Glucocorticoids - outcome in patients with glucocorticoid deficiency and Cushing's syndrome
Glucocorticoids (GCs) are steroid hormones that have a major impact on human metabolism and are essential for life. Chronic GC overexposure, called Cushing’s syndrome, is characterized by central obesity, muscle atrophy, osteoporosis, hypertension, impaired glucose tolerance and neurocognitive impairment. Cushing’s syndrome can be caused by increased endogenous GC production or arise due to pharmacological GC treatment. This thesis is based on four studies, including four different patient populations, aimed at investigating outcomes in patients with Cushing’s syndrome and patients receiving current standard GC replacement therapy for adrenal insufficiency. In a large study of patients with hypopituitarism it was demonstrated that GC replacement therapy was independently associated with reduced bone mineral density in women with adrenal insufficiency receiving an average daily hydrocortisone dose of approximately 20 mg. In another study of adult patients, treated for Cushing’s disease during childhood, final adult height was compromised in the majority of the patients and the prevalence of hypertension was high. In a study of patients in long-term remission after successful treatment for Cushing’s syndrome, numerous domains of cognitive function were impaired at long-term follow-up in comparison to healthy individuals. Finally it was demonstrated that short-term treatment with growth hormone and testosterone increases skeletal muscle mass in men on chronic low dose GC treatment. In conclusion, this thesis demonstrates that long-term GC exposure has various long-term adverse health related consequences for patients receiving GC replacement therapy and in patients in long-term remission from Cushing’s syndrome. Furthermore, anabolic treatment with growth hormone and testosterone has the potential to improve GC induced muscle wasting.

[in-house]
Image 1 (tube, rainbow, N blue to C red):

Parts of work
I. Oskar Ragnarsson, Helena Filipsson-Nyström, Gudmundur Johannsson. Glucocorticoid replacement therapy is independently associated with reduced bone mineral density in women with hypopituitarism. Clin Endo 2012; 76: 246-52. ::doi::10.1111/j.1365-2265.2011.04174.xII. Oskar Ragnarsson, Charlotte Höybye, Peter J Jönsson, Ulla Feldt-Rasmussen, Gudmundur Johannsson, Beverly MK Biller, Maria Kołtowska-Häggström. Co-morbidity and cardiovascular risk factors in adult growth hormone deficiency following treatment for Cushing's disease or non-functioning pituitary adenomas during childhood. Eur J Endocrinol 2012; 166: 593-600. ::doi::10.1530/EJE-11-0942III. Oskar Ragnarsson, Peter Berglund, Derek N. Eder, Gudmundur Johannsson. Long-term cognitive impairments and attentional deficits in patients with Cushing’s disease and cortisol producing adrenal adenoma in remission. Submitted manuscript.IV. Oskar Ragnarsson, Morton G. Burt, Ken K. Y. Ho, Gudmundur Johannsson. Effect of short-term growth hormone and testosterone treatment on body composition and glucose homeostasis in men receiving chronic glucocorticoid therapy. Manuscript.
Doctor of Philosophy (Medicine)
University of Gothenburg. Sahlgrenska Academy
Institute of Medicine. Department of Internal Medicine
Fredagen den 8 juni 2012 kl. 13.00, Sahlgrens aula, Sahlgrenska Universitetssjukhuset, Göteborg
Date of defence
bone mineral density
attentional network test